Wednesday, December 06, 2006

Literature: Skydog: The Duane Allman Story by Randy Poe

Skydog: The Duane Allman Story is necessarily a fast read. Clocking in at a slim yet respectable 266 pages (plus discography and bibliography), biographer Randy Poe captures a life lived quickly, brilliantly, in the best Romantic sense, recklessly and briefly. Author Poe’s credentials include former executive director of the Song Writer’s Hall of Fame, current President of Leiber and Stoller Music Publishing Company, as well as widely published author and critic. Poe’s association with his biographical subject began when he and his sister, both pre-teen, wandered down a pier on Daytona Beach on a Summer’s day in the early 1960s to see and band, and more specifically, who was playing lead guitar. The guitarist was a young Duane Allman.

Gratefully, this biography focuses only briefly on the Allman brothers childhood, emphasizing their Tennessee roots and the murder of their armed services father. Poe spins a tale of the brothers growing up in Florida and Georgia and, in a stepwise fashion, introduces all of the musicians who would eventually become not only the Allman Brothers band, but Cowboy, Dickey Betts’ Great Southern and the Capricorn Records rhythm section.

Along the way is documented Duane Allman’s rise as a studio musician whose function as such both cemented his fame and helped fund the fledgling Allman Brothers Band. Pivotal among Allman’s many studio swings was his suggestion and appearance on Wilson Pickett’s “Hey Jude.” Needing material for the recording and not knowing how to read charts, Allman suggested Pickett record “Hey Jude,” a song Allman knew. Originally the Muscle Shoals management’s conventional wisdom was the Beatles had just charted with their song and there would be no market for a Pickett version, Allman countered that precisely because Pickett was black and the changes they would make to the arrangement. The song was a hit an ensured Allman’s participation with Boz Scaggs (“Somebody Loan Me a Dime”), Aretha Franklin (“The Weight”), and King Curtis (“Games People Play”), the latter two sporting Allman’s fine slide guitar.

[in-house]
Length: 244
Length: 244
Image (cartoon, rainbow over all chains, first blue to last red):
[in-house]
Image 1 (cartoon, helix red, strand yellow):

Among his studio work, Duane Allman was developing a vision for a band. The result was a two guitar front (Allman and Dickey Betts) over a two drummer rhythm section (Butch Trucks and Jai Johnny Johnson). Rounding things out were Gregg Allman on keyboards and Berry Oakley on bass. Poe details how the first recording came together in a matter of days and the second (Idlewild South), because of touring and Duane’s studio work, a matter of years. Then there was Layla. After Layla there was At Fillmore East, the recording that changed everything for the Allman Brothers Band. And, only a few months after the Fillmore Shows, Poe details the end of the Duane Allman era.

The biography does not stop with Allman’s tragic death. Poe rapidly details the course of the band over the next 30 years, including solo projects by Gregg Allman and Dickey Betts. The author describes the firing of Dickey Betts and describes the current projects of all involved. The book includes as extensive a Duane Allman discography as possible, considering the guitarist propensity of just showing up and playing uncredited on dates. Another section describes the guitars used by Allman and where they are today. Finally, there is a lengthy bibliography, detailing Poe’s written and interview sources. Revealed here is that Allman’s only daughter, Galadrielle, whom he abandoned along with her mother, was at work on a book about her father’s music.

Skydog: The Duane Allman Story is a bracing tale of cracker genius, set in the only environs appropriate, the South. The true gravy here is a mini-history of the Muscle Shoals music scene in the late 1960s as well as the illumination of Allman’s Benny Goodman-like egalitarianism regarding race and art. The book reveals there was much to like and dislike about Duane Allman, just as there is in all of us.

This review was first published in

© Copyright, C. Michael Bailey, 2006